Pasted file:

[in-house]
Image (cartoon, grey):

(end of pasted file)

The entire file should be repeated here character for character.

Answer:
[in-house]
Image (cartoon, grey):